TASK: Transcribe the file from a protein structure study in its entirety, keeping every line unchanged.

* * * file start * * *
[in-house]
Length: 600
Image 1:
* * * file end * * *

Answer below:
[in-house]
Length: 600
Image 1: